• An anilox roll that feeds ink to the plate cylinder.
  • A plate cylinder that bears the intended image.
  • An impression cylinder that maintains proper substrate tension to ensure a proper print.

Essentially, the press pushes the substrates by the plate cylinder with the help of the impression cylinder. As the substrate passes through, the plate cylinder uses the ink provided by the anilox roll to mark the material with the intended design. This setup enables the press to feed substrates through the printing plate at a continuous rate. 

For designs that require multiple inks, operators utilize multi-station presses that imprint different inks at each stop. These presses use quick-drying inks so the designs can dry quickly and cleanly as the substrate moves along each stop. Through this process, users can create complex designs quickly and reliably.

Thanks to its speed and ability to create complicated designs, flexographic printing is today’s go-to method for creating consumer product packaging, including wrappers for pre-packaged food and other common retail goods. 

Inkjet Printing

Developed in the early-to-mid 20th century, inkjet printing is a digital printing method that is used to mark everything from pharmaceutical packaging to beer bottles. The idea of inkjet printing is simple. Using an internal computer, inkjet printers propel droplets of ink in a controlled fashion to recreate a digital image. Modern inkjet printers largely come in two categories—continuous inkjet models and thermal inkjet models. 

Continuous inkjet (CIJ) printers operate by pressurizing ink into a continuous stream. The stream begins in a main reservoir where a pump pressurizes the ink, feeding it toward the printer’s nozzle. There, a select number of droplets are expelled onto the substrate to recreate the intended image. The remaining ink is rerouted back towards the reservoir so the operation can continue uninterrupted.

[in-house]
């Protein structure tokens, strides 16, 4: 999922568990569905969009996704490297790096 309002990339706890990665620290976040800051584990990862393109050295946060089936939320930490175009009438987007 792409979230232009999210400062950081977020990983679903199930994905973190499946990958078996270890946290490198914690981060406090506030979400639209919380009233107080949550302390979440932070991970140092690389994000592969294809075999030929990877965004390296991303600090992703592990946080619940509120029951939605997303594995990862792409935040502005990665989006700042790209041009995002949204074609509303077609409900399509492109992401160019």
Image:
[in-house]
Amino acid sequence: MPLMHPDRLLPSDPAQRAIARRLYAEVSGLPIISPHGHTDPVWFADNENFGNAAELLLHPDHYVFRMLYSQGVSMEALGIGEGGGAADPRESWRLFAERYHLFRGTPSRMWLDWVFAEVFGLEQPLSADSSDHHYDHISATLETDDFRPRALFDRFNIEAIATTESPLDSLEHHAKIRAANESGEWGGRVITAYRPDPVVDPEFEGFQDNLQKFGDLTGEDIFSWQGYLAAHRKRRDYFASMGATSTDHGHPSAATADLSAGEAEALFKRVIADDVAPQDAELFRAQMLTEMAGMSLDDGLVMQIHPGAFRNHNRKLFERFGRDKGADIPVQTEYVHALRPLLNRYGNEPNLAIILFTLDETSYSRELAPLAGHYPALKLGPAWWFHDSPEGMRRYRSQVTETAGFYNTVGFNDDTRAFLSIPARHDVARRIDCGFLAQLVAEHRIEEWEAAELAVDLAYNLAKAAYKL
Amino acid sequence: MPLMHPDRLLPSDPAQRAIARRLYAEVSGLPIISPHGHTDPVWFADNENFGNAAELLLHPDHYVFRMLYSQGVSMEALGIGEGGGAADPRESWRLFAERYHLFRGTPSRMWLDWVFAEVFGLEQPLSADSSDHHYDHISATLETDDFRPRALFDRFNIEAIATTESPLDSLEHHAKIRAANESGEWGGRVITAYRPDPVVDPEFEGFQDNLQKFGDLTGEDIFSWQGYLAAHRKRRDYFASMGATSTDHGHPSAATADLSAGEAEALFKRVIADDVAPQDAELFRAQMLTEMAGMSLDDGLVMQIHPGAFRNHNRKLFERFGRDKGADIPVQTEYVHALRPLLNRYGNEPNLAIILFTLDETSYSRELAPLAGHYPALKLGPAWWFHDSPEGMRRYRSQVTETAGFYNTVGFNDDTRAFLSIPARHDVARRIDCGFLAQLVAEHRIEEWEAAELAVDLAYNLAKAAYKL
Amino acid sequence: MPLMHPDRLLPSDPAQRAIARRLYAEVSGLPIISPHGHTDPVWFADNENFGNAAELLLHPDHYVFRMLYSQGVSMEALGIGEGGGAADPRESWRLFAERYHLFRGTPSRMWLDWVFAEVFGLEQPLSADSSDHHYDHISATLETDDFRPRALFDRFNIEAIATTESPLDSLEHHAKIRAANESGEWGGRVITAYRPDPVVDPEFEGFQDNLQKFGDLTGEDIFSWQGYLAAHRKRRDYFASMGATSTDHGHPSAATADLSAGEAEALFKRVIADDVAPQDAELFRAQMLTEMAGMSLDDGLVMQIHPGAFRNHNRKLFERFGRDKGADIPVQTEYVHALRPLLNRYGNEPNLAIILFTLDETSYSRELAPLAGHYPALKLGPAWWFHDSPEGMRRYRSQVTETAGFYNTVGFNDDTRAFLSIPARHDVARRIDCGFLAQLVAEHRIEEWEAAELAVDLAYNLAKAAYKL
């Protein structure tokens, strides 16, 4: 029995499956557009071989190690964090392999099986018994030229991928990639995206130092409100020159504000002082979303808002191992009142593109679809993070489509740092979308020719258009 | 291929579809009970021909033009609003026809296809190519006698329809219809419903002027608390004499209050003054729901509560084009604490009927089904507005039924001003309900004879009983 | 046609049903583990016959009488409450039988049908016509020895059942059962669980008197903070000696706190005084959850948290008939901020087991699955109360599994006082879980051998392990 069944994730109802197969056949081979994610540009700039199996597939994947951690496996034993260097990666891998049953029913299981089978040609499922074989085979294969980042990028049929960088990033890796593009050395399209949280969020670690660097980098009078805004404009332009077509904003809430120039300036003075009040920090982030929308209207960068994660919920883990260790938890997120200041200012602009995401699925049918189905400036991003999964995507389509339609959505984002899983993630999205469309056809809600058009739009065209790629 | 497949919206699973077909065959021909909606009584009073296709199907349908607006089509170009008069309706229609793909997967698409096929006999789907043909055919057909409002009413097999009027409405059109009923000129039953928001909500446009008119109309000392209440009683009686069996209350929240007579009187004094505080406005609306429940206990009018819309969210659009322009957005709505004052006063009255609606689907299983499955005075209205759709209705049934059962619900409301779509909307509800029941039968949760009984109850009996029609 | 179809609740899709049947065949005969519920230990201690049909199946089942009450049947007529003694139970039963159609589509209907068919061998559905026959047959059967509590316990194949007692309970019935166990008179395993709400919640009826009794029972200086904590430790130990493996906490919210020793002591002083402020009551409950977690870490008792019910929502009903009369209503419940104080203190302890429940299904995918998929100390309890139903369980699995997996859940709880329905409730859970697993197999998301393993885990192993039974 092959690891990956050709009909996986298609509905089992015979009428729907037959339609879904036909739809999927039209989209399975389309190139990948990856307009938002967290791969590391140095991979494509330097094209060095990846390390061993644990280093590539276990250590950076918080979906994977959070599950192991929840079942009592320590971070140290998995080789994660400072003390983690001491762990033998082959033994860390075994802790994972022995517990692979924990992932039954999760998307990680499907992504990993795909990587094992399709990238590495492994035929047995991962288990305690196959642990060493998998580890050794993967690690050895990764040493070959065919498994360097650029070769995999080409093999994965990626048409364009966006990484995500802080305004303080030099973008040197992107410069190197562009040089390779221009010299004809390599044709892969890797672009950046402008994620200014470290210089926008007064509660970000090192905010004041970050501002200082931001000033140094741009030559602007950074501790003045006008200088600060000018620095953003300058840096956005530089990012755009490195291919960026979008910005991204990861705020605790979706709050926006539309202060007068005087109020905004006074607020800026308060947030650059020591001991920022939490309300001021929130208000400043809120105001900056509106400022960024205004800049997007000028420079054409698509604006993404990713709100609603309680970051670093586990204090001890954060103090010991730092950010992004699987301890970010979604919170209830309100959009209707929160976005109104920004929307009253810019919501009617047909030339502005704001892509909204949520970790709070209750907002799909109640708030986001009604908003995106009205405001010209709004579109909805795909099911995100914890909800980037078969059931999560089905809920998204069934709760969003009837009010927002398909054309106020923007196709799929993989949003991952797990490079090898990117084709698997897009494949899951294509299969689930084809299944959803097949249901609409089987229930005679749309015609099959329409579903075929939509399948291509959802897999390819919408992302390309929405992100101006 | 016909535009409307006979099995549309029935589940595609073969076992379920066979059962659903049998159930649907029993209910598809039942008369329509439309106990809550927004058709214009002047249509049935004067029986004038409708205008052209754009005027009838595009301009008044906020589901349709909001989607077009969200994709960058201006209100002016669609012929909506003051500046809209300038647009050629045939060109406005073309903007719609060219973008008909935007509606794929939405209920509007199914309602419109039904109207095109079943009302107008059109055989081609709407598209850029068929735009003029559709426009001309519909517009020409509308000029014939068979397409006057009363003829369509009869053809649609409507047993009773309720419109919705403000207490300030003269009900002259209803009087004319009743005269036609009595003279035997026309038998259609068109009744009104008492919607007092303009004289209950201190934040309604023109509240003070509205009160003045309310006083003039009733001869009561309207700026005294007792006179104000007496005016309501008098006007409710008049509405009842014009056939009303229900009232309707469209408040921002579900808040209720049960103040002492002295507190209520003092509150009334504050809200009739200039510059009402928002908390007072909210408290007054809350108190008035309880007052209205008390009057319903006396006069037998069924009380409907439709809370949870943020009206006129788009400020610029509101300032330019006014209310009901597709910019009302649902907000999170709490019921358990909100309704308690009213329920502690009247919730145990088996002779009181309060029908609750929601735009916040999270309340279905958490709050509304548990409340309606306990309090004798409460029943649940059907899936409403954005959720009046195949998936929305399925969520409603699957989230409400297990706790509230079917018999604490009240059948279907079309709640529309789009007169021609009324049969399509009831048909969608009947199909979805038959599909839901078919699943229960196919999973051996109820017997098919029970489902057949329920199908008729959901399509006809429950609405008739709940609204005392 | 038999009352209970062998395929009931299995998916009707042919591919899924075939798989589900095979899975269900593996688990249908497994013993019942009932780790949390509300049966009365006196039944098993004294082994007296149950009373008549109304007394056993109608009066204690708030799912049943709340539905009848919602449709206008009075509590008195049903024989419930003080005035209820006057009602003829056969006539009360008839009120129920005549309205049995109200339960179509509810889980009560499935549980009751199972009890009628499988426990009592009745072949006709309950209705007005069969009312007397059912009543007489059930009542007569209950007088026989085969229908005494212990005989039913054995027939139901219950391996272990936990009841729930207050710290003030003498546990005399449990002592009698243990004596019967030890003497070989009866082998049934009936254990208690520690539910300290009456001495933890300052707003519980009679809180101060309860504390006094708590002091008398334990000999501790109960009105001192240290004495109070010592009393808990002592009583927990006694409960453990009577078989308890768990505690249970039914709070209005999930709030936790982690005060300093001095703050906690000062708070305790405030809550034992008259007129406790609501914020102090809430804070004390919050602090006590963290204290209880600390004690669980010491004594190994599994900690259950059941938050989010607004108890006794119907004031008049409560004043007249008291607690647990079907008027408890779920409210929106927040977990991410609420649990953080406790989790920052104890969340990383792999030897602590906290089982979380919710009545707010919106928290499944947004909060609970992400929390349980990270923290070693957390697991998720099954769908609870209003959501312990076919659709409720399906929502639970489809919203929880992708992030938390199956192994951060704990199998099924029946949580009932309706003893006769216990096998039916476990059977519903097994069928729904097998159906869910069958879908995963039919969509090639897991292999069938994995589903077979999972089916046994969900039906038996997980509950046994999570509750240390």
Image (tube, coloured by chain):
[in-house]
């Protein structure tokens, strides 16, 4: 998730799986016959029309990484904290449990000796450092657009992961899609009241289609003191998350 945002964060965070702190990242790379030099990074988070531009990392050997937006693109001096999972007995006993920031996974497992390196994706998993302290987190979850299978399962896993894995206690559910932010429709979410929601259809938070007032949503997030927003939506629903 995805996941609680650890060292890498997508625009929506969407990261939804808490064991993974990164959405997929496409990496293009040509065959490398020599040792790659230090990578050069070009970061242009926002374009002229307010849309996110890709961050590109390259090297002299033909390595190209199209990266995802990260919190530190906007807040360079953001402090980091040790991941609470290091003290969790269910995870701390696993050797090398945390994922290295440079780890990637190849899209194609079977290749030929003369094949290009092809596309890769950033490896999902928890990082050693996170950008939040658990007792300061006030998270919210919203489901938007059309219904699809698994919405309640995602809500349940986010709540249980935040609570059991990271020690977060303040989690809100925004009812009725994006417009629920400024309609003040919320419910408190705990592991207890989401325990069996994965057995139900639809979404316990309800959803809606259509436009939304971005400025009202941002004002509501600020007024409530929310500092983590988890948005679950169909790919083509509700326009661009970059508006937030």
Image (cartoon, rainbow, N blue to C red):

Thermal inkjet (TIJ) printers don’t use pumps to pressurize and propel ink—they use heat. Within each TIJ ink cartridge is a series of heating chambers. These chambers heat the contained ink, causing a bubble to form. Once the bubble collapses, the ensuing vacuum effect propels the ink from the printer’s nozzle, creating the intended image. 

Both inkjet printing methods are commonly used to outfit industrial products with traceable barcodes and other required markings like serial numbers and barcodes. Accordingly, they are commonly found in food packaging operations, wire/cable factories, and other manufacturing plants. 

Thermal Transfer Overprinting

Commonly abbreviated as TTO, thermal transfer overprinting was invented in 1981 by the SATO Corporation. Inspired by older analog printing methods such as hot stamp, TTO is another digital printing technology that is ideal for flexible film applications as well as several other label substrates.

As opposed to inkjet printing that uses liquid-filled cartridges as ink sources, TTO machines utilize a type of ink-coated carrier film called ribbons. The ribbon is fed through the TTO machine’s printhead, which contains a thermal heating element. When the flexible film substrate passes along the printhead, the heating element causes the ink to melt off the ribbon in a controlled fashion, leaving a well-defined image on the substrate. 

The marks made by thermal transfer overprinters are known to be sharp, durable, and high-resolution. To take advantage of these benefits, TTO machines are commonly used to mark materials that are intended to either last for years or exist in extreme conditions. Some examples include frozen food bags, construction materials, pharmaceuticals, and aerospace parts. 

Stay Updated on the Latest Printing Developments by Following C&M Digest

Modern printing methods stand upon the technological advances made hundreds of years ago. With the help of these past developments, commercial printing groups today can mark substrates of all materials with sharp, clear designs.

To stay informed about future developments in the printing world, subscribe to the C&M Digest newsletter. With information on both the latest industry developments as well as retrospectives on the history of commercial printing, our newsletter is filled with compelling content from across the marking world. To get in touch with us about possible collaborations or ideas for coverage, contact us today.

C&M Digest Team

The C&M Digest Team is composed of experts from across the coding and marking world. Comprised of ink developers, hardware veterans, and engineers, our News Team delivers informed coverage that is always free from brand bias.